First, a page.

Plastics are forever, sadly our oceans aren’t

By Sridhar Subramaniam
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One thing is certain. We are messing up the planet with our plastic. The situation is alarming and we are fast heading to a point of no return

Plastic is ubiquitous. Since the 50s plastic has revolutionised the way we live and become an integral part of our everyday existence. It is the workhorse material of the modern economy. Not a day passes without us using some sort of plastic.

The properties of plastics clearly lend themselves to their extensive use. It helps food stay fresh longer. Owing to its low weight, can lead to massive fuel savings while being transported, other materials like glass, metal, wood etc being heavier. It is corrosion resistant and chemically inert. Plastic is water resistant and has good adhesiveness. It is strong, good and economical to produce. Because it is light-weight, it is easily moulded into shapes, and can be dyed into colours making it a great choice for numerous applications.

While we concede that plastics has made life easier, the disposal of plastics poses a major challenge. For instance, we use a lot of plastic packaging, mostly for one time use products or for one time use like the carry bags but the package itself continues to exist for a long time as they are not bio-degradable. It is anybody’s guess that a lot of this packaging and other plastic products litter and end up in the ocean.

The recent decision by Australia’s big two supermarkets to phase out free single-use plastic bags within a year is just the latest development in the debate that has been going on for several years now but is a step in the right direction.

There is so much debris floating in the oceans that the challenge has become gargantuan. Owing to ocean currents, all the flotsam and jetsam in the ocean has coalesced into some kind of an island in the Pacific Ocean called the Great Pacific Garbage Patch and the enormity of the problem is finally beginning to exercise the collective consciousness of policy makers and general public alike. We have similar stories unfolding across the planet.

It would be of interest to note that there are five offshore plastic accumulation zones in the World’s Oceans. Of these, the largest is the Great Pacific Garbage Patch (GPGP) located halfway between Hawaii and California.

According to informed sources, an estimated 2.50 million tonnes of plastic enter the ocean from the rivers. More than half of this plastic is less dense than the water, meaning it will not sink once it encounters the sea.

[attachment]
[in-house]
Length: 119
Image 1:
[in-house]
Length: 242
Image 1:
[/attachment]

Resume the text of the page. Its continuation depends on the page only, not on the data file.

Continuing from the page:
The stronger, more buoyant plastics show resiliency in the marine environment, allowing themselves to be transported over great distances. They persist at the sea surface as they make their way off-shore, get transported by converging currents and finally accumulate in a patch.

Once these plastics enter a large system of rotating ocean currents or a gyre (of which there are five major ones), they are unlikely to leave the area until they degrade into smaller microplastics under the effects of the sun, waves and marine life. As more plastics get discarded into the environment, microplastics concentration in these offshore plastic accumulation zones will only continue to increase.

Not only does plastic pollution in these accumulation zones pose risks for the safety and health of marine animals, but there are health and economic implications for humans as well.

The impact on wildlife is incalculable. Marine animals confuse the plastic for food , causing malnutrition; it poses entanglement risks and threatens their overall behaviour, health and existence. Animals migrating through or inhabiting this area are likely to be consuming plastic in the patch. This could prove toxic for these sea surface feeders.

Once plastic enters the marine food web, there is possibility that it will contaminate the human food chain as well. Efforts to clean the ocean will also cause significant economic burden.

The manufacture of plastic, as well as its destruction by incineration, pollutes air, land and water and exposes workers to toxic chemicals, some of which are carcinogenic or cancer inducing. Synthetic plastic does not biodegrade so easily. It just sits and accumulates in landfills or pollutes the environment

Around 100,000 marine creatures a year die from plastic entanglement. Approximately 1 million sea birds also die from plastic. A plastic bag can kill numerous animals because they take so long to disintegrate.

Plastic bags tend to disrupt the environment in a serious way. They get into soil and slowly release toxic chemicals. They eventually break down into the soil, with the unfortunate result being that animals eat them and often choke and die.

Only if we adopt a multi- pronged strategy at the policy level and a workable tactical plan for implementation at the ground level, will have hope of solving this seemingly insurmountable problem.

Moonshots and more

The recommendations of the World Economic Forum a way forward to address this challenge posed by plastic.

The World Economic Forum has recommended mobilising large-scale, targeted “moon shot” innovations, such as bio-benign and self-destructive materials, improved formats, sorting technologies, and chemical and technical markers.

What is a moonshot innovation? In 1961, President John F. Kennedy announced that the United States was planning to land a manned spacecraft on the moon. The intensive mechanical and mental effort behind that mission became known as a moonshot project, an immense wave of human exertion to achieve something that delivers enormous results. Innovation that achieves the previously unthinkable.

 

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